They kept rates unchanged at 0.10 bps and asset purchases at the same rate of $4 bln per week. This was expected. Furthermore, they finished their yield target of 0.10 bps for the April 2024 Australian Government bond. Arguably this was expected too as they had stopped defending the yield prior to the meeting.
The RBA tipped their hat to rising inflation pressures. This was conceded by the fact that they abandoned the April 2024 bond yield target as they recognised the systemic risk of fighting the market’s drive to push short end yields higher.
However, the RBA stated that the market had ‘overreacted’ to recent inflation data and that they consider inflation has remained low in underlying terms at 2.1%. The headline inflation of 3% was being driven higher by petrol, homes, and supply chain issues.
The inflation forecasts
- Underlying inflation to 2.25% over 2021/2022
- Underlying inflation to 2.50% in 2023
The uncertainty to the RBA’s projections was all around ‘how persistent’ the current disruptions to global supply chains would be and what happens to wages. You see, the RBA are playing the same game of ‘ how transitory is transitory’. They are uncertain.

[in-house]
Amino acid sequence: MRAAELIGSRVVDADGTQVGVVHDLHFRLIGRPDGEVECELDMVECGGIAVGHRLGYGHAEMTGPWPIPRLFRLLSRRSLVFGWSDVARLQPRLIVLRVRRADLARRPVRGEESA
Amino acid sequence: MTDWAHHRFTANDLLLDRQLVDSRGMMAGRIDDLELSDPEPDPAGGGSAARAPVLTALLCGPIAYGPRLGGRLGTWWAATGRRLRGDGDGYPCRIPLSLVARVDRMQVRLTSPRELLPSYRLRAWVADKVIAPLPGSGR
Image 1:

The RBA board require the labour market to be tight enough to generate wages growth that is materially higher than it is currently. This is where the RBA want to see the inflation being driven from. The RBA see that is ‘likely to take some time’.
Expect the market to be very sensitive to wage growth data. If we see signs of faster than expected wage growth expect this to boost the AUD. Also, remember that Australia’s largest export is Iron Ore and its prices have been falling sharply recently. This is a drag on the AUD, but a snap higher in Iron Ore prices will be supportive for the AUD. Always worth remembering.